Thursday 14 November 2019

'Don't give your daughter too much space. Don't try to be her friend'

Eating disorders, bullying, low self-esteem – the teenage years have become a minefield for girls

The Daughter Whisperer: Helen Wright is the acclaimed headmistress of a girls' school and the author of a new book of practical advice for raising a teenage girl
The Daughter Whisperer: Helen Wright is the acclaimed headmistress of a girls' school and the author of a new book of practical advice for raising a teenage girl

Anne Barrowclough

Before I went to meet Helen Wright, headmistress and now author, I ask friends with teenage daughters to describe the issues that challenge them most.

"The usual," they all reply. One writes: "The same issues that we faced at their age but with more peer pressure, especially regarding beauty and sex."

Another emails: "Body image, anxiety and stress... The need to fit in/belong socially has resulted in the candle being well burned at both ends."

A third, who has three teenage girls texts me one word. "Heeeeeeeelp!!!"

Girls who are going through adolescence in the 21st Century are facing more – and more difficult – challenges than most of their mothers did.

Quite apart from the issues that we and our parents faced – alcohol, drugs, unwanted pregnancies – they have to deal with the march of the internet and social media, advances that have left them vulnerable to bullying.

But they are also bombarded with images of physical perfection – today's teenager may be faced with more of these images in a week than her grandmother was in a lifetime.

The pressure for excellence in other areas from parents and peers is greater than it used to be, too, and sexualisation is coming earlier and earlier. Even parents whose own adolescence was less than straightforward can feel lost in the maelstrom into which their daughters' teenage years are likely to descend.

But help has arrived in the form of a slim volume written by Helen Wright, a mother of three and respected headmistress of all-girls' schools, both in the UK and Australia.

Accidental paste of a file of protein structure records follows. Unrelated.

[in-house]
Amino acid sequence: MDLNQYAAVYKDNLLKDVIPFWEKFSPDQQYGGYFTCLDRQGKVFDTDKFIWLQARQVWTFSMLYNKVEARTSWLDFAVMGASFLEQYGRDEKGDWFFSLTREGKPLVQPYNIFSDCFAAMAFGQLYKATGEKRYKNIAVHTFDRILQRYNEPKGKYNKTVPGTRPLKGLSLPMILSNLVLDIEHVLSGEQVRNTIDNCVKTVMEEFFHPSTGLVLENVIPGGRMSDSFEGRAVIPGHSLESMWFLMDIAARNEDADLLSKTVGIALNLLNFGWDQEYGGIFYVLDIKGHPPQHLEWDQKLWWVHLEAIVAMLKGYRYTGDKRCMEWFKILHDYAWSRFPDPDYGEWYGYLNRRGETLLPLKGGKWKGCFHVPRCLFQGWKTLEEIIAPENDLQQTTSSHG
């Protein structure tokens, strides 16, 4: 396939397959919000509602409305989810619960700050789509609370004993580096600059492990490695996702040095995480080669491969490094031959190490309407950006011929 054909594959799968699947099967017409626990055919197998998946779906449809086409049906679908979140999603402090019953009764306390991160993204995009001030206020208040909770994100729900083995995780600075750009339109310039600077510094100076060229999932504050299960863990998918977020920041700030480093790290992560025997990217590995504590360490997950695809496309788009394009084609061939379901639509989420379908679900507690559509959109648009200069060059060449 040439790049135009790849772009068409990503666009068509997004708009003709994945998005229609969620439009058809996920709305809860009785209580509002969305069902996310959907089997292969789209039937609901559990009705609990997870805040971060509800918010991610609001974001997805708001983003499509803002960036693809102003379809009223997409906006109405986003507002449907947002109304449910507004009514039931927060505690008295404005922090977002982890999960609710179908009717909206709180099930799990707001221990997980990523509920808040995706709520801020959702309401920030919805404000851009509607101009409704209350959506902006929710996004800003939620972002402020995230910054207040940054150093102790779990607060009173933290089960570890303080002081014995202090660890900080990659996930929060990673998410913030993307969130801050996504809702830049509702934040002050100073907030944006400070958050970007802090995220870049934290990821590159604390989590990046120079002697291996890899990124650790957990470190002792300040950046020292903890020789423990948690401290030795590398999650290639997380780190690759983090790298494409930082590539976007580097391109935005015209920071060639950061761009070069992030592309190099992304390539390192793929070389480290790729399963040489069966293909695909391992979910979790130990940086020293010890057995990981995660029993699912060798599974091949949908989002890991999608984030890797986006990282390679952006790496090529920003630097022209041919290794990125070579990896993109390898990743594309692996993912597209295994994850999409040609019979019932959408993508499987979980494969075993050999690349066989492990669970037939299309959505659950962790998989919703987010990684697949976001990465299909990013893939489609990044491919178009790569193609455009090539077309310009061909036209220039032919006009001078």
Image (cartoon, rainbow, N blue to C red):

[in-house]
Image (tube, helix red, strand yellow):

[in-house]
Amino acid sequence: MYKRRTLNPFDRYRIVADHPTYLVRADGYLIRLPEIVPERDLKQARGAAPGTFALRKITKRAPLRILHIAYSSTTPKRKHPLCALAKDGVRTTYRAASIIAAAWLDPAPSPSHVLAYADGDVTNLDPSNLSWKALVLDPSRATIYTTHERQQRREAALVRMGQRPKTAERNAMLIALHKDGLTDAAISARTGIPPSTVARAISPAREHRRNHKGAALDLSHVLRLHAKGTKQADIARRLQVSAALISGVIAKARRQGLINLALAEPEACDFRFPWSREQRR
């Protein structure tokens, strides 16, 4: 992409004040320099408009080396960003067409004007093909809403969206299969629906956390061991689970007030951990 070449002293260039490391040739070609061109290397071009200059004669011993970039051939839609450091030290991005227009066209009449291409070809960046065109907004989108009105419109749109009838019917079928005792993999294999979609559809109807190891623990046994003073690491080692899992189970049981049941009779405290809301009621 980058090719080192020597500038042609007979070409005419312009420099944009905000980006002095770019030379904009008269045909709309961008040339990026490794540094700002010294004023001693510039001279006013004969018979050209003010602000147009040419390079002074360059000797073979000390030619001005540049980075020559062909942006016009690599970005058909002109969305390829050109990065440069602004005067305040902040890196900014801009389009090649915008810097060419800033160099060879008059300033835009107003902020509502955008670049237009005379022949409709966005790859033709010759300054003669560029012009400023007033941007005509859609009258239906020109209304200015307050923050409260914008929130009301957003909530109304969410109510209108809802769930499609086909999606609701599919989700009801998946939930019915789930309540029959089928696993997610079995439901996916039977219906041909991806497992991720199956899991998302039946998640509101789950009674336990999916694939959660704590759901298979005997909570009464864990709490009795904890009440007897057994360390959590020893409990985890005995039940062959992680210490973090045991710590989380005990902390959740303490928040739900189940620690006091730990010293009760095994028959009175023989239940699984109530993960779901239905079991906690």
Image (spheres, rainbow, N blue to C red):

Decoding Your 21st Century Daughter is a guide to understanding teenage girls and helping them to steer their way through the turbulent waters of adolescence. To parents torn between parenting fads of "helicopters" (constantly hovering) and "tigers" (hothousing children for academic success), her book will come as a welcome relief, a bit like picking up a Delia Smith cookbook after years of flirting with Nigella Lawson or Heston Blumenthal.

Its advice is practical, warm, friendly and hugely compassionate, as Helen is herself. As I enter the grounds of Ascham School, a grand, 127-year-old girls' school in the heart of Sydney, she is standing, beaming and waving, outside her office.

"You've brought the rain!" she exclaims happily as I get within hearing distance, as if that's a good thing on this winter's day.

Throughout her 20-year teaching career – of which she has spent 13 as a headmistress, most recently at St Mary's Calne in Wiltshire before her move to Sydney in January – Wright has spent many thousands of hours with teenage girls and their anxious parents, and become an expert on the reasons behind their behaviour and the issues that they face.

Parents speak of her in glowing terms. One of the mothers I contacted texted back: "My friend enrolled her daughter at Ascham because she'd been told the head is more interested in the whole child rather than just academic results."

Wright's ethos is deceptively simple: growing teenage girls into confident, independent, secure adults. It sounds an obvious aim – after all, isn't that what all parents want? But she points out, wisely, that it isn't as simple as all that because adolescence isn't a time of linear growth.

She compares the turbulence of the teenage years with childbirth, suggesting that this period should be thought of as giving birth to an adult because of the dramatic changes an adolescent girl goes through as her body and brain are readied for adulthood.

"So many parents are caught by surprise that this is not a linear process," she says, as we sit in her study overlooking a giant fig tree. "You want your baby to grow up, become more and more aware of the world, more and more mature, but you shy away from realising that this is a revolution. There's a lot of turbulence in these years and it can be confronting for parents. It's scary."

She says that parents come to her with the "same questions and the same fears" about their daughters. "They will say 'She's not feeling good enough about herself,' or 'She can't communicate'. They will bring up the range of typical teenage issues – bullying, drinking, partying – or they'll say 'She seems to be unhappy'."